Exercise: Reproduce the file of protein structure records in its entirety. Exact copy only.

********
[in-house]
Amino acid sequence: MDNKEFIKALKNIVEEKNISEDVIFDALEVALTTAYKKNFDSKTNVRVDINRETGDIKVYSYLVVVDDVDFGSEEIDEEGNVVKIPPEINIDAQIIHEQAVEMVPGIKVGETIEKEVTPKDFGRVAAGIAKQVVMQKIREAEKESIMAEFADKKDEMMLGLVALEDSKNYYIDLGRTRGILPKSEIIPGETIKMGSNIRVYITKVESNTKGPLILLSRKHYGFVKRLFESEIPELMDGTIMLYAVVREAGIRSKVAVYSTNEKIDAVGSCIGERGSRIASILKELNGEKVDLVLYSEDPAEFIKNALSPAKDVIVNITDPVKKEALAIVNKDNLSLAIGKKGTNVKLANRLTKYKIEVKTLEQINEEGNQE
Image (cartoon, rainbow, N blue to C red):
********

[in-house]
Amino acid sequence: MDNKEFIKALKNIVEEKNISEDVIFDALEVALTTAYKKNFDSKTNVRVDINRETGDIKVYSYLVVVDDVDFGSEEIDEEGNVVKIPPEINIDAQIIHEQAVEMVPGIKVGETIEKEVTPKDFGRVAAGIAKQVVMQKIREAEKESIMAEFADKKDEMMLGLVALEDSKNYYIDLGRTRGILPKSEIIPGETIKMGSNIRVYITKVESNTKGPLILLSRKHYGFVKRLFESEIPELMDGTIMLYAVVREAGIRSKVAVYSTNEKIDAVGSCIGERGSRIASILKELNGEKVDLVLYSEDPAEFIKNALSPAKDVIVNITDPVKKEALAIVNKDNLSLAIGKKGTNVKLANRLTKYKIEVKTLEQINEEGNQE
Image (cartoon, rainbow, N blue to C red):